There’s the revenue split, although the owners made out better than I expected them to (technically speaking…….the breakdown is a bit more complicated as indicated in the NFL Labor.com link above).
There’s also the enhanced benefits for both current and retired players. That should be a huge relief to many of The League’s more senior alums.
The continuation of the salary cap (although that was more implied in my original piece, but still an important part of The League’s success since its implementation).
The rookie salary cap: A major victory for both the owners and the veteran players in my mind, although not so much for future draft classes. As a side note, the new rules also take away much of the influence agents had over the process. And the new rookie wage scale will almost surely make holdouts a thing of the past—although the rookie limits really only affect the top 15 or so picks of the draft.
The 18 game schedule was nixed, will not be revisited until 2013 at the earliest, and cannot be implemented without the approval of the NFLPA. I figured this was mainly a bargaining ploy on the part of the owners and never a very serious proposal. I still think I’m right, and I don’t think we’ll be seeing an 18 game slate anytime soon, as I don’t see the players going for it.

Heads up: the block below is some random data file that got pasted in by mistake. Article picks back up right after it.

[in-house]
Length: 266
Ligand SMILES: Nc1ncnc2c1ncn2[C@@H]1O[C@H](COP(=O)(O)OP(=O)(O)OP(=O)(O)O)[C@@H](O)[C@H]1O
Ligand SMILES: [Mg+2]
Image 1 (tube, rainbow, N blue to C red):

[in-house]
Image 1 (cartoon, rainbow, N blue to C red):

I was right and wrong about the use of the “Franchise” and “Transition” tags. The tags will remain in place, and there are no further limitations on how a team can use them. However, instead of being valued at the top 5 salaries at a particular player’s position, the tags will now be calculated as a percentage of the salary cap. What that percentage is, I’m not sure, but it should amount to a higher one year salary for a tagged player, which should ease the pain of not being granted outright free agency.